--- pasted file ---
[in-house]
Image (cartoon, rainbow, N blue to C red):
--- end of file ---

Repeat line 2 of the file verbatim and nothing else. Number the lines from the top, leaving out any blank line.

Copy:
Image (cartoon, rainbow, N blue to C red):